“I’m ready to leave it all out there,” Miller said. “It’s my senior season, and I want to go out strong. I think the end goal for all of us is to really push it this season and improve with each race so by the time we hit Regionals we’re in the best shape physically and mentally so we can leave it all on the course to get to states again.” 

Because of her work schedule this summer, Miller missed some of the team workouts but was able to get the details from her sister and went out on her own time and trained to build up her mileage in preparation for the season. 

“I think the experience from last year will give us something to fight for,” she said. “It allows us to look at the season with our end goal being the state meet. It gives us a passion and something to fight for.” 

Blissfield cross country coach Ryan Bills called Miller a strong competitor.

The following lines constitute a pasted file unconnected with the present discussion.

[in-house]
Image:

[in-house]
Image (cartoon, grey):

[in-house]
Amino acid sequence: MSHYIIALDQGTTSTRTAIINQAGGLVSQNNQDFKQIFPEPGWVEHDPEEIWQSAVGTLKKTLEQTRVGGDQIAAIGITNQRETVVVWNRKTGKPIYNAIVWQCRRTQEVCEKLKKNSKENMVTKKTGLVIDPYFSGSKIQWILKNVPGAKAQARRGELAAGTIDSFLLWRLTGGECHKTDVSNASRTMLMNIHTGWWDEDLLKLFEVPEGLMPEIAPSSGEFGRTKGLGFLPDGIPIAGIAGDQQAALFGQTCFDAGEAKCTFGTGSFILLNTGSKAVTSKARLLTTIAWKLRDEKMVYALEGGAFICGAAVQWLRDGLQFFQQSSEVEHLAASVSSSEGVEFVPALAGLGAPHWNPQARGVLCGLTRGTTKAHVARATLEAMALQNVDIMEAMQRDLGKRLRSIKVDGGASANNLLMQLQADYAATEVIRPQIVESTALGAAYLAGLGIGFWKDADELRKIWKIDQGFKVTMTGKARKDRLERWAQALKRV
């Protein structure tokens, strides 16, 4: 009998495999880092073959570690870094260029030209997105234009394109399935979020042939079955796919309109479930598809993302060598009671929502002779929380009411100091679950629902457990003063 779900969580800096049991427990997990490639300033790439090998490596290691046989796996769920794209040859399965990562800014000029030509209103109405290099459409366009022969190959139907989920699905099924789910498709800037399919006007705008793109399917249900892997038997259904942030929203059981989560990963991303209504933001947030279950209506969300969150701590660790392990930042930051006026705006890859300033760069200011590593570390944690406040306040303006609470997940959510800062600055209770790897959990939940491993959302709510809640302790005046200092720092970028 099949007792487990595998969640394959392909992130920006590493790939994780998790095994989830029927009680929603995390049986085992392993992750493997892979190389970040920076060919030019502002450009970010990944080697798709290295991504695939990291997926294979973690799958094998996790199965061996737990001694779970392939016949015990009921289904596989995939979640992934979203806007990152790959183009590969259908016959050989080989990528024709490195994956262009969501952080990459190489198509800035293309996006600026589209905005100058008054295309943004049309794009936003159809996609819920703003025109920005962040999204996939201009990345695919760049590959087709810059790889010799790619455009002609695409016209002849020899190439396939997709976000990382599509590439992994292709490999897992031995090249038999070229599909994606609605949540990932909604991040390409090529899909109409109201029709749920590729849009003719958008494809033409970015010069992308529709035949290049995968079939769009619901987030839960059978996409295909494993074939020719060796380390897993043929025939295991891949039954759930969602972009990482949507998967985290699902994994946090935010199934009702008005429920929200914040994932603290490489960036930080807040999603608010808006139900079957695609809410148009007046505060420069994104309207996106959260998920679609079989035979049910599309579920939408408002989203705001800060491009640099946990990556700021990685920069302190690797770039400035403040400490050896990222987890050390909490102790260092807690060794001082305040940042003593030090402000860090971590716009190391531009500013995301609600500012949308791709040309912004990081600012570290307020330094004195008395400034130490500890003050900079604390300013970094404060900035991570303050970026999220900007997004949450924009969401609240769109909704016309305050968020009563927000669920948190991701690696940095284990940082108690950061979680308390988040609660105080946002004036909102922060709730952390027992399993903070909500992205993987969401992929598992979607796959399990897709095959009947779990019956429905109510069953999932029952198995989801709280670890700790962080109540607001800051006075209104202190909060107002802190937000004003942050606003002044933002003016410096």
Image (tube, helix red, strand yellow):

“She is fun kid,” he said. “You never know which June you’re going to get – funny, chatty June or serious, no-nonsense June. Either way she always gives it her all during competition, which is why she has seen so much success the past year.” 

The four-sport athlete spent the first couple of weeks of summer refreshing her body before kicking it into high gear. 

She did take some time to reflect on all the places she got to play and compete last year and is grateful to be part of a team that helped her reach those places. 

“It was a unique experience,” she said. “When I’m playing basketball or running track and cross country, I’m not focused on where I am physically – instead I’m in my head focused on what I need to do.